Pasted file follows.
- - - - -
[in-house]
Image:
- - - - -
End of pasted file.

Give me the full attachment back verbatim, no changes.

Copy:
[in-house]
Image: